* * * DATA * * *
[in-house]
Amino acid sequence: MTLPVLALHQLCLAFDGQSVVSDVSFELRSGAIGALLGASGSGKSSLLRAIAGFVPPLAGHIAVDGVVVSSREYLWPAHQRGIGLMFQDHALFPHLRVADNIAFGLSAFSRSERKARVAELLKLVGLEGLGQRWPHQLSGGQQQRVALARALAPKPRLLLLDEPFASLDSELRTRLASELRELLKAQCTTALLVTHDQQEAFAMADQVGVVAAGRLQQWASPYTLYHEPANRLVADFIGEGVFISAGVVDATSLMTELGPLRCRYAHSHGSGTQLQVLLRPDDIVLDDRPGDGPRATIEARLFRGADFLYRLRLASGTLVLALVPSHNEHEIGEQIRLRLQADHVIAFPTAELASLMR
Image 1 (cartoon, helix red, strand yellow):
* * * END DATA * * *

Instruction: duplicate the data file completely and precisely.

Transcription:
[in-house]
Amino acid sequence: MTLPVLALHQLCLAFDGQSVVSDVSFELRSGAIGALLGASGSGKSSLLRAIAGFVPPLAGHIAVDGVVVSSREYLWPAHQRGIGLMFQDHALFPHLRVADNIAFGLSAFSRSERKARVAELLKLVGLEGLGQRWPHQLSGGQQQRVALARALAPKPRLLLLDEPFASLDSELRTRLASELRELLKAQCTTALLVTHDQQEAFAMADQVGVVAAGRLQQWASPYTLYHEPANRLVADFIGEGVFISAGVVDATSLMTELGPLRCRYAHSHGSGTQLQVLLRPDDIVLDDRPGDGPRATIEARLFRGADFLYRLRLASGTLVLALVPSHNEHEIGEQIRLRLQADHVIAFPTAELASLMR
Image 1 (cartoon, helix red, strand yellow):